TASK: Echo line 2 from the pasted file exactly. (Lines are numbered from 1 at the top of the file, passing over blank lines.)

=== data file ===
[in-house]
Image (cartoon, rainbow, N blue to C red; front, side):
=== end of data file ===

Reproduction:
Image (cartoon, rainbow, N blue to C red; front, side):